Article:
Aim: to investigate the effect of a high inspiratory oxygen fraction (FiO2) given during and
after laparotomy procedures on occurrence of a subsequent, new or recurrent, cancer diagnosis
at a long-term follow-up.
Background: A high inspiratory oxygen fraction (FiO2 = 0.80) has been linked to prevention of
surgical site infection, but the Danish randomized clinical multicenter trial, the PROXI
trial, found no difference in frequency of surgical site infection. In fact, long-term
mortality was significantly increased with a hazards ratio of 1.30 in patients receiving 80%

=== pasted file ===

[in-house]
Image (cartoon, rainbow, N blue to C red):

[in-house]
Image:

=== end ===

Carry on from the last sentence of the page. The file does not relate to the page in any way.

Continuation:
oxygen, and this appeared to be statistically significant in patients undergoing cancer
surgery, but not in non-cancer patients.
At this point, no convincing mechanism explains the observed increased mortality after
hyperoxia, as the long-term pathophysiological effects of oxygen are not fully understood.
Primary hypothesis of this follow-up study of the PROXI trial: Use of 80% oxygen increase the
frequency of patients with a subsequent, new or recurrent, cancer.